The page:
Don’t use too many colors.

FedEx Corporation. [FDX]

Companies may be tempted to use too many colors in their brand design. They often assume this will make their logos more memorable and eye catching. However, this has the risk of appearing too flashy and perhaps even desperate. Therefore, we recommend that you always restrict yourself to two colors other than black and white. Also, ensure that these two colors are used in all your branding campaigns for consistency in messaging.

Use minimal features.

There was a time when designers used to employ many different design elements, fonts and sizes in their projects. But today, the trend is different and many are shifting toward minimalism. Be it the font, vector, color or size, designers often try to limit variations that are more likely to distract than to help viewers. This creates uniformity and consistency, improving the chances of sticking in the minds of the audience.

Name must be easy to remember.

Apple Inc. [AAPL]

A name should not strive to be so unique as to make it hard to remember. Often, familiar objects and names resonate more strongly with average customers. However, this must be balanced against the risk of having such a generic name that it gets confused with other brands. Like anything else in marketing, it involves a tradeoff between risk and reward. More ambitious names might catch attention, but familiar names might be more memorable to users.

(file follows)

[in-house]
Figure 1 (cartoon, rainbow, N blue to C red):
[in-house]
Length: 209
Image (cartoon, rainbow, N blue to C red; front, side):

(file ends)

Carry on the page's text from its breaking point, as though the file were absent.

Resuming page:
Keep the motto short and catchy.

McDonald’s. [MCD]

The motto helps people understand precisely what your company does. Thus, it often accompanies the logo on key branding material. So ensure that you craft a motto that is short, catchy and memorable. It should also accurately reflect the company’s vision and perhaps also its culture. As two noteworthy examples, consider Apple’s motto, “Think different” or McDonald’s motto, “I’m lovin’ it.” Dell’s motto, “Dell. Purely you.” Explicitly includes its own name. While it’s often unnecessary, it could emphasize the personalization that goes into each individual product.

Use enough white space.

USA Network. [CMCSA subsidiary]

In the effort to communicate as much information as possible through the campaign, marketers and designers often overload the canvas with too much text. This makes it harder for readers to focus on what’s important, and may get lost in the sea of words. This could also intimidate viewers who don’t like to read, or simply find pictures to be more pleasant. So always ensure there is enough white space in your designs. This includes the space between elements, as well as the space near the periphery or the border.

As a company, it’s critical to optimize your branding campaigns for maximum impact. The logo, brand name and motto are some of the essential features that contribute to your audience’s first impression of the company. Because the first impression has the risk of becoming the last impression, make sure your company gets this right.